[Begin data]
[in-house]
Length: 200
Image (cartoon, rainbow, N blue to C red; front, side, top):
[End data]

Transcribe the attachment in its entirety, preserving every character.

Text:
[in-house]
Length: 200
Image (cartoon, rainbow, N blue to C red; front, side, top):